Michalowski, Martin


Reports of the Workshops of the Thirty-First AAAI Conference on Artificial Intelligence

AI Magazine

Reports of the Workshops of the Thirty-First AAAI Conference on Artificial Intelligence


AFGuide System to Support Personalized Management of Atrial Fibrillation

AAAI Conferences

Atrial fibrillation (AF), the most common arrhythmia with clinical significance, is a serious public health problem. Yet a number of studies show that current AF management is suboptimal due to a knowledge gap between primary care physicians and evidence-based treatment recommendations. This gap is caused by a number of barriers such as a lack of knowledge about new therapies, challenges associated with multi-morbidity, or a lack of patient engagement in therapy planning. The decision support tools proposed to address these barriers handle individual barriers but none of them tackle them comprehensively. Responding to this challenge, we propose AFGuide -- a clinical decision support system to educate and support primary care physicians in developing evidence-based and optimal AF therapies that take into account multi-morbid conditions and patient preferences. AFGuide relies on artificial intelligence techniques (logical reasoning) and preference modeling techniques, and combines them with mobile computing technologies. In this paper we present the design of the system and discuss its proposed implementation and evaluation.


Reports of the 2016 AAAI Workshop Program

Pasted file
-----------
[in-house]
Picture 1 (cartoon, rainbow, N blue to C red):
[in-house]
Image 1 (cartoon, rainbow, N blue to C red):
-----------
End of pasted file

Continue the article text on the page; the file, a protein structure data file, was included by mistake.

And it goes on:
AI Magazine

The Workshop Program of the Association for the Advancement of Artificial Intelligence's Thirtieth AAAI Conference on Artificial Intelligence (AAAI-16) was held at the beginning of the conference, February 12-13, 2016. Workshop participants met and discussed issues with a selected focus -- providing an informal setting for active exchange among researchers, developers and users on topics of current interest. To foster interaction and exchange of ideas, the workshops were kept small, with 25-65 participants. Attendance was sometimes limited to active participants only, but most workshops also allowed general registration by other interested individuals.


Reports of the 2016 AAAI Workshop Program

AI Magazine

The Workshop Program of the Association for the Advancement of Artificial Intelligence’s Thirtieth AAAI Conference on Artificial Intelligence (AAAI-16) was held at the beginning of the conference, February 12-13, 2016. Workshop participants met and discussed issues with a selected focus — providing an informal setting for active exchange among researchers, developers and users on topics of current interest. To foster interaction and exchange of ideas, the workshops were kept small, with 25-65 participants. Attendance was sometimes limited to active participants only, but most workshops also allowed general registration by other interested individuals. The AAAI-16 Workshops were an excellent forum for exploring emerging approaches and task areas, for bridging the gaps between AI and other fields or between subfields of AI, for elucidating the results of exploratory research, or for critiquing existing approaches. The fifteen workshops held at AAAI-16 were Artificial Intelligence Applied to Assistive Technologies and Smart Environments (WS-16-01), AI, Ethics, and Society (WS-16-02), Artificial Intelligence for Cyber Security (WS-16-03), Artificial Intelligence for Smart Grids and Smart Buildings (WS-16-04), Beyond NP (WS-16-05), Computer Poker and Imperfect Information Games (WS-16-06), Declarative Learning Based Programming (WS-16-07), Expanding the Boundaries of Health Informatics Using AI (WS-16-08), Incentives and Trust in Electronic Communities (WS-16-09), Knowledge Extraction from Text (WS-16-10), Multiagent Interaction without Prior Coordination (WS-16-11), Planning for Hybrid Systems (WS-16-12), Scholarly Big Data: AI Perspectives, Challenges, and Ideas (WS-16-13), Symbiotic Cognitive Systems (WS-16-14), and World Wide Web and Population Health Intelligence (WS-16-15).


Reports on the 2014 AAAI Fall Symposium Series

AI Magazine